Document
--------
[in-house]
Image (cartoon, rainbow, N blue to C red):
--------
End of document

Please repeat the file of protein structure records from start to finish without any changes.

[in-house]
Image (cartoon, rainbow, N blue to C red):